PREVALENCE OF CRYPTOSPORIDIUM SPP. AMONG ASYMPTOMATIC HEALTHY EXPATRIATE WORKERS IN SHARJAH, UNITED ARAB EMIRATES

African Journal of Infectious Diseases (AJID)

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Title PREVALENCE OF CRYPTOSPORIDIUM SPP. AMONG ASYMPTOMATIC HEALTHY EXPATRIATE WORKERS IN SHARJAH, UNITED ARAB EMIRATES
 
Creator ElBakri, Ali
Mogane, Lazarus
Ezzedine, Sinda
Potgieter, Natasha
Bessong, Pascal
AbuOdeh, Raed
Samie, Amidou
 
Subject Traditional Medicine, Medicinal Plants
Cryptosporidium; prevalence; PCR; Sharjah; United Arab Emirates
 
Description Background: Epidemiological data on Cryptosporidium infections in the United Arab Emirates (UAE) is scarce.
Therefore, the main objective of this study was to determine the prevalence of Cryptosporidium species among a
community of expatriates in Sharjah, UAE working in different sectors, including the food industry, house maids and
other domestic occupations.
Materials and Methods: One hundred and thirty four stool samples were collected from asymptomatic individuals
presenting to the Sharjah Municipality Public Health Clinic (SMPHC) for screening of intestinal parasites for work
permission purposes between 2009 and 2011. Demographic information such as age, sex, and country of origin was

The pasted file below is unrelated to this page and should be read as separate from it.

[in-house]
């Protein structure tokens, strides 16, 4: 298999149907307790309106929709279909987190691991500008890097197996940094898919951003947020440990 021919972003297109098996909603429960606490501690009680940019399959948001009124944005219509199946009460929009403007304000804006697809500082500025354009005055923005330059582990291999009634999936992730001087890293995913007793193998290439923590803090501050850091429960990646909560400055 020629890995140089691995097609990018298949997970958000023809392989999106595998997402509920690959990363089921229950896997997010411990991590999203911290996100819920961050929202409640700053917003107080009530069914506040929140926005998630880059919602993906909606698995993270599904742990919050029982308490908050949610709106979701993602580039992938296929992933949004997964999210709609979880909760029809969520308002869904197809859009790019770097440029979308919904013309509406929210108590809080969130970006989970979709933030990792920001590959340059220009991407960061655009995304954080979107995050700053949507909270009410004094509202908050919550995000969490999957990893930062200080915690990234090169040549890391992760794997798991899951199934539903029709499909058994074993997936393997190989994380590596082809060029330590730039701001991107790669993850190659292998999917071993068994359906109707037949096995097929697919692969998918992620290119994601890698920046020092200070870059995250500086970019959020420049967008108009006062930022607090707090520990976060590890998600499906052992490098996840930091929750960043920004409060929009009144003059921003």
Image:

collected. Genomic DNA extracted from the stool samples were tested for Cryptosporidium species using real-time
PCR (qPCR).
Results: Twenty-six individuals (19.4%) were positive for Cryptosporidium sp. by PCR. The infection rate was found
to be highest in Afghan nationals (33%; 3/9) compared with the rest of the study population; yet, no significant
association existed between nationality and infection rate. Moreover, no association was observed between infection
rate and gender (χ2 = 2.439; P = 0.118), nor infection rate and age group (χ2 = 1.219; P = 0.544).
Conclusion: Infection by Cryptosporidium sp. was common in the study group, and further studies are needed within
the native Emirati population before any conclusions can be made about foreigners potentially transmitting the parasite.
Furthermore, data provided in this study could help determine its public and veterinary significance particularly in
outbreaks in the country.
 
Publisher African Traditional Medicine Supporters Initiative (ATHMSI), 7, Road 1, Otunmaiye Square
 
Contributor Sharjah Municipality Public Health Clinic and the laboratory staff for their incessant support and for providing us with the data and samples for the purpose of this research project.
 
Date 2018-06-18
 
Type info:eu-repo/semantics/article
info:eu-repo/semantics/publishedVersion

 
Format application/pdf
 
Identifier http://journals.sfu.ca/africanem/index.php/AJID/article/view/5106
10.21010/Ajid.v12i2.2
 
Source African Journal of Infectious Diseases (AJID); Vol 12, No 2 (2018); 7-13
2505-0419
2006-0165
 
Language eng
 
Relation http://journals.sfu.ca/africanem/index.php/AJID/article/view/5106/3139
 
Coverage Africa


 
Rights Copyright (c) 2018 African Journal of Infectious Diseases (AJID)
http://creativecommons.org/licenses/by/4.0
 

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